We are living in a society that is drowning in fear – fear of running out of money, fear of burglars, fear of disasters, fear of “others.” We are afraid of dying, and afraid of living too long. We are afraid of the government, afraid of corporations, and afraid of each other.

It’s my opinion that this fear is destroying the very fabric of our society.

We need to realize this type of paralyzing, crippling fear is not new. In fact, one of the most frequently quoted phrases in the Bible is, “Do not fear” – by some counts, that phrase appears 365 times in the scripture. And it’s clear from the Holy Word that while fear may be common and understandable, it doesn’t have to rule our lives. Consider –

  • For God did not give us a spirit of fear but of power and love and self-control. (2 Tim. 1:7)
  • Fear not, for I am with you; be not dismayed, for I am your God; I will strengthen you, I will help you, I will uphold you with my righteous right hand. (Isa. 41:10)
  • He who dwells in the shelter of the Most High will abide in the shadow of the Almighty. I will say to the Lord, “My refuge and my fortress, my God, in whom I trust.” For he will deliver you from the snare of the fowler and from the deadly pestilence. He will cover you with his pinions, and under his wings you will find refuge; his faithfulness is a shield and buckler. You will not fear the terror of the night, nor the arrow that flies by day, … (Psa. 91:1-5)
  • The Lord is my light and my salvation; whom shall I fear? The Lord is the stronghold of my life; of whom shall I be afraid? (Psa. 27:1)
  • When I am afraid, I put my trust in you. In God, whose word I praise, in God I trust; I shall not be afraid. What can flesh do to me? (Psa. 56:3-4)
  • I have said these things to you, that in me you may have peace. In the world you will have tribulation. But take heart; I have overcome the world.” (John 16:33)

God wants to walk in peace, not fear. So how can we do that?

Recognize fear when it appears. It’s natural and normal – even healthy – to have a certain level of fear about the unknown, about new situations, or other unfamiliar circumstances, but we can’t let that fear paralyze us into inaction. When we are making a decision about something, we need to evaluate that choice, consider the pros and cons, seek the counsel of wise friends – then decide! We must not let the fear make the choice for us.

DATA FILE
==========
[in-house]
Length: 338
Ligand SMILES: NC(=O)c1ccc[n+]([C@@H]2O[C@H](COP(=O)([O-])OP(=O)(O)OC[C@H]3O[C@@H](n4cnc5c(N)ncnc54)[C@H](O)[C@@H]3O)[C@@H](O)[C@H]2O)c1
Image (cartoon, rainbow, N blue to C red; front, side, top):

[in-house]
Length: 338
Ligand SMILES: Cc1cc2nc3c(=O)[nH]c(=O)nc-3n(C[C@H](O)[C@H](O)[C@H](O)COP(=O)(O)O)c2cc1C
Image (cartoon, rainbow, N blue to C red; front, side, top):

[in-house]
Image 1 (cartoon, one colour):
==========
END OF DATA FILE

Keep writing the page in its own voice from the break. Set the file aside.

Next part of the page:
Pray. In Philippians 4:6, Paul says “Don’t be anxious about anything; instead, in everything, by prayer and petition, with thanksgiving, present your requests to God”. We need to cultivate our relationship with God so that we can stay in touch with Him about every situation of our lives.

Stay positive. One of the most important techniques for battling fear is to fill our minds with positive and encouraging thoughts. Please don’t misunderstand: I am not suggesting any strategy that ignores reality. But as believers we must be filling our hearts and minds with the teaching of the Scriptures, the encouragement of Christian music, and the help of the Holy Spirit and godly friends, so that we are not vulnerable to falling into fear and despair. Remember that the first time God appears to Joshua after the death of Moses, three times in that conversation, God tells Joshua, “Be strong and courageous!” (Joshua 1:6-9).

Plan well but realize… Nothing I am saying here should be interpreted as if I am against planning or preparation. By all means, we should plan and be as ready as humanly possible. We should try and anticipate possibilities and be as prepared as possible for any situation. But at the same time, we must remember that we are not in charge, that sometimes situations and circumstances come that no one could have expected or prepared for. I say this as a survivor of Hurricane Harvey. In those situations when our planning fails, let us not fall into fear, but let us know that our God is still bigger than our circumstances, that it has not taken HIM by surprise, and that He is with us, through everything.

Let us, then, have full confidence that we do not need to be anxious, that we can face each day and every situation knowing that He is with us, and that we need not fear. Strength and courage!